attention of the County Commissioners has been called to 



64 City Document No. 40. 

the inadequate size of the culvert under the hlo;hway at 
Wood's shoe-shop. It will not pass more than 5U, 000, 000 
o-allons in 24 hours. 

The distino-uishino; feature of the orsfanisms in Whitehall 
pond is the large number of Infusorias found in its water 
compared with the other sources of Boston's supply. In 
February, Dinobryon, Glenodinium, and Tintinnidium were 
abundant. In June, Uroglena-Volvox appeared, and on 
June 11 there were 150 colonies to the cc. in some portions 
of the pond. The water was distinctly red, and looked like 
a mud puddle. The odor was very disagreeable. The air, 
blowing from the pond, smelled oily. The next day it was 
found that the water had cleared, and in a few days the odor 
was gone, and the water practically as good as ever. This 
process of rapid decay is characteristic of this little animal, 
but the effect on such a large mass of water is very curious. 
In Sei)tember the organisms averaged about 20 to the cc, 
and considerable fresh-water sponge was noticed growing on 
the old stumps in the shallow portions of the pond. On 
Oct. 29 approximately 50 organisms to the cc. were present, 
including 15 Uroglena-Volvox, 18 Asterionella, etc. A 
dredging plant, consisting of one dredge, one steamer, and 
three scows, has been built during the year, preparatory to 
dredging the mud and stumps whenever this work Can be 
done^ The total cost has been $ 13,944. 2y. The first work 
on the plant was started on July 24, and completed Decem- 
ber 3 1 . 

Farm Pond. 

Grade, II. W., 149.2.5 ; Area, 163 acres; Contents, 167,500,000 gallons. 

On Jan. 1, 1891, the water in this pond stood at grade 
149.3(). The surface has been kept at about high- water 
mark during the year. No water has been drawn from this 
source for the supply of the city. 

The Framingham Water Company has pumped 80,500,000 
gallons during the year, or 221,000 gallons daily. 

The total amount of water wasted from the pond has been 
184,200,000 gallons. The larger part of this was turned 
into the Sudbury river.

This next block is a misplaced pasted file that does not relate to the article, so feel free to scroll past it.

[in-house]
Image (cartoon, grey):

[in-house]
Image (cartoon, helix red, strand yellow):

The highest elevation reached during the year was 149.99, 
on March 25, and the lowest, 148.68, November 23. 

The frames to the screens in the gate-house having become 
decayed, were renewed. They have been in service since 
Oct()ber, 1881. 



Water-Supply Department. 65 



Lake Cochituate. 

H. W., 134.36; Area, 800 acres ; Capacity above 127 .36, 1,308,000,000 gallons. 

On Jan. 1, 1890, the kike stood at elevation 132.49, 
1.87 feet below high-water. January 2 the waste -gate at 
the upper dam was opened, and, with the exception of 20 
days, was kept open until April 25. During this interval 
the surface was kept at an average height of 133.20. On 
April 25 the water stood at 134.26. On May 5, the water 
still being at 134, the waste-gate was again opened, and 
the surface fell to 133.58 on May 11. The waste-gate 
was then finally closed, and the experiments on the flow of 
water over the new dam stopped. The lake gradually fell to 
126.44, 7.92 feet below high-water, on November 26. On 
December 15 it was at 126.50, rising gradually to 127.32, on 
December 31 . 

Flash-boards were removed from the upper dam from 
January 25 to March 18, and from March 23 to April 11. 
The waste of water through the dam at outlet has amounted 
to 6,063,700,000 gallons. 

A considerable amount of grading and other work has 
been accomplished during the year in the vicinity of the new 
dam. A bridge, supported on cast-iron brackets, has been 
built upon the crest of the new dam, and the brackets con- 
tain guides for a double set of stop-planks. April 1 the 
work of removing a portion of the old dam below the new 
dam was begun, the crest was lowered, and the old iron weir, 
23 feet long, placed again in position at a lower level, with 
a channel of approach, etc., in order to measure accurately 
the water flowing over the new dam and determine certain 
coeflScients. This work was hardly entered upon before it 
had to be abandoned for more pressing calls in other direc- 
tions ; but we hope to complete these experiments during the 
coming year. A road leading to the new dam has been 
built, its sides riprapped, the pool deepened between the 
dams, and the upper dam removed as far as possible, leav- 
ing only such parts of the embankment in position as will